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How to Drive Round a Roundabout

Many drivers get it wrong at roundabouts. The IAM's Chief Examiner Peter Rodger explains how to get it right.

Information: Look well ahead; check your mirrors so that you know what other traffic there is around you. Give any signals in plenty of time. Try and identify a gap in the traffic before you reach the roundabout, but keep an eye on the car in front – they may not go for the gap you would

Position: Approach the roundabout according to which exit you’re taking. Keep to the left lane to turn left or go straight and the right lane when taking an exit on the right. Watch for any road markings guiding you and try to give other vehicles plenty of space.

Speed: Slow down smoothly to a speed that’s appropriate for the roundabout, taking into account the position of other road users

Gears: Once you’re at the right speed, and before turning, select the correct gear. Do a final mirror check, especially the mirror on the side you are turning towards

Accelerate: At a roundabout, choose a gap in the traffic and accelerate smoothly into it – the same applies to any other junction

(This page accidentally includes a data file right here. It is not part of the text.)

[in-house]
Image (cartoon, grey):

Rodger added: “At roundabouts, it is useful to try and consider the whole thing as one manoeuvre – that way you have a plan about which lane to be in, when to move into that lane, and what signals you expect to use. But you need to prepare to be flexible – other road users don’t always behave as we’d expect them to.”

To help drivers stay safe and enjoy their driving this summer, the IAM has a new website drivingadvice.org.uk, with traffic updates, weather forecasts, and driving tips, including: driving abroad, cycling, coping with Olympic congestion, and loading the car for a long journey.

The IAM has also launched a new website, for biking advice and tips, bikingadvice.org.uk, with traffic updates, touring advice by country and all you need to know about events and local groups. Tips cover riding with pillions, in groups and night riding. There’s also a videos page and you can upload your touring photos and stories - get involved at www.betterbiking.org.uk.

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